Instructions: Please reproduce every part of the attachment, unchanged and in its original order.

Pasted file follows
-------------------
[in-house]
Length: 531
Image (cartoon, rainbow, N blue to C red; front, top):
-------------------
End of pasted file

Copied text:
[in-house]
Length: 531
Image (cartoon, rainbow, N blue to C red; front, top):